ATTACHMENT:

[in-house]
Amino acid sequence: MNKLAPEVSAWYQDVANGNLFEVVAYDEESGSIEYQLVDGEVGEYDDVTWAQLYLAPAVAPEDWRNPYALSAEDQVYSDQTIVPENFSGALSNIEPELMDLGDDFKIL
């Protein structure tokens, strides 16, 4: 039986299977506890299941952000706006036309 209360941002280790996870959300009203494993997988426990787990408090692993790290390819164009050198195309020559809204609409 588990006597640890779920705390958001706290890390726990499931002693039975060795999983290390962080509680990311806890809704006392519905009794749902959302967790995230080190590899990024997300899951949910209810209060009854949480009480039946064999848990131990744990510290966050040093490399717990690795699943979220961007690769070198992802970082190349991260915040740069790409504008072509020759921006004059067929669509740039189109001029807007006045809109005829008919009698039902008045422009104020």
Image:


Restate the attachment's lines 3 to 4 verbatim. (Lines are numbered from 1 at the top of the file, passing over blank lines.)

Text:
């Protein structure tokens, strides 16, 4: 039986299977506890299941952000706006036309 209360941002280790996870959300009203494993997988426990787990408090692993790290390819164009050198195309020559809204609409 588990006597640890779920705390958001706290890390726990499931002693039975060795999983290390962080509680990311806890809704006392519905009794749902959302967790995230080190590899990024997300899951949910209810209060009854949480009480039946064999848990131990744990510290966050040093490399717990690795699943979220961007690769070198992802970082190349991260915040740069790409504008072509020759921006004059067929669509740039189109001029807007006045809109005829008919009698039902008045422009104020």
Image: